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Maximising Foreign Language Learning By Celine Courenq, Head of Faculty, World Languages


id you know that 40 percent of what you have just learnt is forgotten after 20 minutes? How can we then ensure a meaningful and carefully crafted World Languages curriculum in order to maximise learning for our learners? This was one of the topics discussed during our FOBISIA JAWS workshop in November 2019 where we had the privilege to welcome Dr Gianfranco Conti, an international keynote speaker and author of several books on language acquisition. We learnt how the memory works, specifically looking at the differences between ‘working memory’ and ‘long term memory’ and ‘the forgetting curve’.

isolation, that would mean they can only remember and recall five words. However, if we teach them five sentences as per the Conti approach, then they can potentially remember and recall 15-25 words. New language is introduced gradually in small chunks and steps using extensive modelling with thorough practice of pronunciation and new structures until it is firmly embedded.

Example of Sentence Builders:

What does a Key Stage 3 World Languages classroom lesson look like? We begin a lesson with a retrieval practice task to recall previous learning: a “starter” activity can strengthen previous learning and lead to fluent recall. Language lessons follow on each other and require students to learn and memorise chunks of vocabulary and structures on a daily basis with retrieval practice.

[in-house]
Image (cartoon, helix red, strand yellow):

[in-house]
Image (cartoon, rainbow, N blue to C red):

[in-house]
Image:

We ask a large number of questions and check the responses of all students

We present new material in small steps with students practice after each step to manage Cognitive Load In World Languages we are now working on presenting new language using our Sentence Builders which introduce vocabulary in sentences rather than as individual items, so students know how to use them in the context and real-life situations. If we consider that students can remember only five pieces of information at a given time, then if we teach words in 20

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Using mini-whiteboards provides instant feedback on students’ understanding. Another approach, asking students not to put their hands up and choosing who to question ensures every students’ understanding and progress is checked. These techniques not only ensure that teachers check understanding of all students but also addresses any gaps in students’ knowledge or misconceptions.

We provide models

Models and worked examples help students learn faster. Extensive modelling and awareness raising of new language

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Term 1 Magazine December 2020